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Bitcoin (s)extortionists change tactics

Publication: 
Editorial Staff
chiefofficersnet

The flood of sextortion e-mails demanding payment in bitcoin continues. However, while the body of the mails is increasingly standardised, the anti-avoidance methods used by the criminals is mutating, analysis of reports at GlobalKYC.com indicates.

Buried deep within the "headers" of e-mails is a huge amount of information as to the origin and route taken by the demands.

One of the methods of identifying fraudulent emails is to check if the information in the mail header matches the centrally stored information relating to the server / domain that the mail purports to be from.

This is done via a flag called DMARC. DMARC is set by an internet domain owner and anti-spam systems check the authorised IP address against the information in the header. If the sending domain has been spoofed (i.e. fraudulently entered by the criminal) there is a warning note in the header that the IP address used is not authorised to use that domain name.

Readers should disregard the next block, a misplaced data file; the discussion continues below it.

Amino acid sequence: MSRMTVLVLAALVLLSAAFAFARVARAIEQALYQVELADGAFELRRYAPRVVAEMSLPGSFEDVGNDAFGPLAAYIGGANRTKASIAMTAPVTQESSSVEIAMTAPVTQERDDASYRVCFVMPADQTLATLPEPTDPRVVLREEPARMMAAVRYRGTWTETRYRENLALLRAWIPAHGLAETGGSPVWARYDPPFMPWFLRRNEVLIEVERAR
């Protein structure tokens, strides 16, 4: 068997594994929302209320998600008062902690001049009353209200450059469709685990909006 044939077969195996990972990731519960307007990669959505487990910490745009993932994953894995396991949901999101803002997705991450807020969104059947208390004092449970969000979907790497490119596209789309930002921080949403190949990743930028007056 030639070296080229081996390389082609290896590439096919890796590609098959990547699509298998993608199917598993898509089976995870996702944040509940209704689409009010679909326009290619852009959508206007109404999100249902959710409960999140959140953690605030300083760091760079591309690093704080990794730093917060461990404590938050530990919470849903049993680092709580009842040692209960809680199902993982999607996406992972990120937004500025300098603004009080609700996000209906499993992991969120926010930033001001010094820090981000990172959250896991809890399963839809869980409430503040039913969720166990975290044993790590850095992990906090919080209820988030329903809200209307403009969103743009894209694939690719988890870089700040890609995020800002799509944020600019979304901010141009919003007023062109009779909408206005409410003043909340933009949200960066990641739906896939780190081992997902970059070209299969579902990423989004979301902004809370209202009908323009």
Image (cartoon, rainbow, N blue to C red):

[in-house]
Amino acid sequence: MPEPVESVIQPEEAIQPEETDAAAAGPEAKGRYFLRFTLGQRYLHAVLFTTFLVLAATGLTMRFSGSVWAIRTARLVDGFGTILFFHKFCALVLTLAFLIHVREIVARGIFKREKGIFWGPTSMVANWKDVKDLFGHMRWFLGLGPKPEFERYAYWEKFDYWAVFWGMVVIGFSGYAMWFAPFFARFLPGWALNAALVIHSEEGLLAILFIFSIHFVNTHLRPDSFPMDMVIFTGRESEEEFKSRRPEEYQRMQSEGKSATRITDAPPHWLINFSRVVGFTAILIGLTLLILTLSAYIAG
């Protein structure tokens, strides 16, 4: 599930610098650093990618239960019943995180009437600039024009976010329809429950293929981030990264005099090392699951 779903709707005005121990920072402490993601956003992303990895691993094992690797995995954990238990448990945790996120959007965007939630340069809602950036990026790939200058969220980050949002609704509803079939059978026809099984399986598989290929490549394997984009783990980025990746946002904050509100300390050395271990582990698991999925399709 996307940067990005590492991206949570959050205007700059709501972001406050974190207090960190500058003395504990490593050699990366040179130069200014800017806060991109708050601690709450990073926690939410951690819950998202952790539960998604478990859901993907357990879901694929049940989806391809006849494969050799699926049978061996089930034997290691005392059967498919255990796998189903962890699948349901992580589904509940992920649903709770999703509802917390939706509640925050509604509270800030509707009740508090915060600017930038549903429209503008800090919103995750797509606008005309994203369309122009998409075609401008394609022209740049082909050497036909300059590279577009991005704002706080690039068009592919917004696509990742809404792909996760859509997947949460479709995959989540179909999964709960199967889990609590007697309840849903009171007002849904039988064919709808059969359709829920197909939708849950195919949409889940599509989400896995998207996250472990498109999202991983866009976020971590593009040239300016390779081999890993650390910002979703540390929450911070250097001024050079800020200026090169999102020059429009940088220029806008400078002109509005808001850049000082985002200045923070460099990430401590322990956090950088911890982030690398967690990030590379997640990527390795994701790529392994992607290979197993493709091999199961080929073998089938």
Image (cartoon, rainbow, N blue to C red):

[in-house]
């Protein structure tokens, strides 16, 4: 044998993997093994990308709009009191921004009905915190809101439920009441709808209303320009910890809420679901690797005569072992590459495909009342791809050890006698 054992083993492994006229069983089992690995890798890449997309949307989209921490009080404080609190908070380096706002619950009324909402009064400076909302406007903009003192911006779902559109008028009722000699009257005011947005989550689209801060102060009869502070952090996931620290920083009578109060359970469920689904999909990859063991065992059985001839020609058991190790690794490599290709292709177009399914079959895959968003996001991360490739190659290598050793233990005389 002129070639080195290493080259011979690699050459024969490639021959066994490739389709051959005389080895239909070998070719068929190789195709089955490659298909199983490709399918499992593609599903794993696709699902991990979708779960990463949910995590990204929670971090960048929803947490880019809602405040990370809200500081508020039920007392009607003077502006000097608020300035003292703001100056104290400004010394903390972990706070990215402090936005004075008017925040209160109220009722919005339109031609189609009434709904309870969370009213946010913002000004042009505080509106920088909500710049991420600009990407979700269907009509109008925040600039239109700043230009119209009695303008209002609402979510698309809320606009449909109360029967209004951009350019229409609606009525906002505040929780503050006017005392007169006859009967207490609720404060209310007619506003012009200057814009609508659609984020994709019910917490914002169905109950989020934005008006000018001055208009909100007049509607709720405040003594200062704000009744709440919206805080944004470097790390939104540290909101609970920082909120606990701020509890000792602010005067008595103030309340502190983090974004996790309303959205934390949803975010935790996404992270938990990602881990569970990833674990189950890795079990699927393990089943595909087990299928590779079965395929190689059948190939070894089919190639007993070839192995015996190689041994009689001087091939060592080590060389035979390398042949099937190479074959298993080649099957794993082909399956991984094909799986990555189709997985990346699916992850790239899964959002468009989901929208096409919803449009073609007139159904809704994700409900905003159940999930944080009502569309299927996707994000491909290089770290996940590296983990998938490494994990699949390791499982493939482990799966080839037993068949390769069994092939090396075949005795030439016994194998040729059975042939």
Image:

However, not all domain owners activate, or even know about, DMARC.

For example, criminals have targeted the mail servers of patongbayvacationclub.com and karonbeachclub.com. The owners of these domains have not set DMARC and as a result, anti-spam tools report that mail from them is in fact authorised.

What is worse is that, in the case of those two domains, criminals are actually sending from the servers which would render DMARC ineffective even if set. That is clear from the lines in the header that say
"X-SPF-Result: se7.mailspamprotection.com: domain of patongbayvacationclub.com designates 103.22.181.76 as permitted sender

"Authentication-Results: mailspamprotection.com; spf=pass "

As a result, systems must fall back onto content analysis to identify suspicious e-mails.

These two changes in the way criminals are operating means that more extortion e-mails will be delivered to potential victims.

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